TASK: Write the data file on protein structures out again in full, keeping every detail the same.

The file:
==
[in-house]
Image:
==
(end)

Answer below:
[in-house]
Image: